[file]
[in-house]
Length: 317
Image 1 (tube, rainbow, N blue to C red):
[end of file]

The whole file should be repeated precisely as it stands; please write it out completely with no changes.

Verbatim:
[in-house]
Length: 317
Image 1 (tube, rainbow, N blue to C red):